Pay-for-Performance Update for the S&P 1500: 2015 Pay Outcomes

Shui Yu is a senior executive compensation analyst at Willis Towers Watson. This post is based on a Willis Towers Watson publication by Ms. Yu, Chris Kozlowski, and Steve Kline, originally published on Willis Towers Watson’s Executive Pay Matters blog and reprinted here with permission. © Willis Towers Watson 2016. Related research from the Program on Corporate Governance includes: Paying for Long-Term Performance by Lucian Bebchuk and Jesse Fried (discussed on the Forum here).

Financial and stock performance throughout the S&P 1500 deteriorated in 2015 as summarized in Figure 1. (For a more detailed analysis, see Year-end 2015 pay-for-performance update for the S&P 1500: Incremental improvement for 2016?Executive Pay Matters, April 21, 2016.) Our review of proxy statement disclosures that were filed this spring reveals the impact those results had on CEO pay, namely, for the bonus payouts and “compensation actually paid” under long-term incentive plans.

Figure 1. Recap of 2015 S&P 1500 scorecard


While the overall financial trends might suggest relatively weak bonuses for 2015, the result was far more neutral: the median payout for S&P 1500 CEOs was 102% of target. Just under half (49%) of the 508 CEOs in our sample earned at- or below-target payouts, and the rest were above target. This contrasts with the more robust payouts we saw for 2014, in which the median payout was 110% of target and only 39% of the sample earned at- or below-target awards. On balance, the decline in CEO bonus payouts from 2014 to 2015 would appear to have been warranted. See Figure 2 for a comparison of the distribution of bonus payments for 2015 versus 2014.

Figure 2. Distribution of CEO bonus payouts in the S&P 1500


What’s interesting is that this payout trend was replicated in most business sectors, although two sectors (health care and utilities) reported substantially higher bonuses and fewer instances of below-target payouts. The weakest bonuses actually came in the materials sector, with below-target bonuses being the norm. Notably, the beleaguered energy sector fell within the neutral trend, with bonus payouts reflecting a combination of reduced expectations (goals), use of nonfinancial measures and/or unplanned adjustments to payouts.

The takeaway is that companies in every sector tend to calibrate annual incentive plan goals around the prevailing economic conditions, hence the neutral pay-for-performance outcomes in 2015 despite fairly modest performance in comparison to timeless standards. Even so, each sector produces its own winners and losers with respect to incentive payments.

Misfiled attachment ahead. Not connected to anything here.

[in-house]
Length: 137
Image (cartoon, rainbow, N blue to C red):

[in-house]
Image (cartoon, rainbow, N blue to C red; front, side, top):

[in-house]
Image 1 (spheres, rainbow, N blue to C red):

As Executive Pay Matters readers know, the Securities and Exchange Commission’s proposed rules for disclosing pay versus performance were issued more than a year ago, but have yet to be finalized. Nevertheless, with an eye toward the new disclosure possibly taking effect as soon as next spring, we evaluated “compensation actually paid” for the S&P 1500 CEOs within our sample. To recap, compensation actually paid starts with Summary Compensation Table pay, with the following adjustments:

  • Stock awards are valued at the time they vest based on the price at vesting (rather than at grant).
  • Stock options also are valued upon vesting using a fair value (e.g., Black-Scholes) that considers stock price movements since the grant date.
  • The increase in accrued benefits under pension plans is replaced by the actuarially determined service cost.

As context, the S&P 1500 index was up about 49% over the three years ending 2015, and long-term incentives (LTIs) among the companies in our sample were roughly allocated 50% to performance plans, 25% to restricted stock (or units) and 25% to stock options.

When we consider the value of these LTI awards upon vesting in 2015, we again see a fairly neutral outcome if we compare the vested value to the target awards granted in 2015. This is because the rise in the stock price, largely due to strong market gains in 2013, enhanced the value of LTI upon vesting and on balance was enough to offset performance awards that were not fully earned. As a result, most sectors showed compensation actually paid that approximated the target values. Health care and retail are two positive exceptions, while energy and materials are two negative exceptions.

Figure 3 compares compensation actually paid (CAP) LTI to target LTI. In both 2014 and 2015, there was a rather wide dispersion among S&P 1500 CEOs, with the two largest buckets being “from 50% of target up to target” and “more than 200% of target.” While the split of above/below target in each year is about 50/50, there are clearly some high outliers in the data, as the average values of our sample in each of 2014 and 2015 were 134% and 143%, respectively. The robust LTI outcomes generally benefit from above-target performance results coupled with an elevated stock price.

Figure 3. CAP LTI as a percent of target LTI in the S&P 1500


With pay-for-performance alignment near the top of most compensation committees’ agendas and with the economy continuing to challenge many sectors, it strikes us that the distribution of incentives and compensation actually paid will increasingly become a focal point as companies seek to set challenging but attainable goals. While the past distribution of pay does not predict future performance, the era of big data and analytics is coming to executive compensation and Willis Towers Watson is working with a growing number of clients to model future compensation payable under financial- and market-based incentive plans. Predictive modeling can be an effective tool to help companies strike the right balance between the need to set attainable goals that motivate management and holding management accountable to shareholders for performance.

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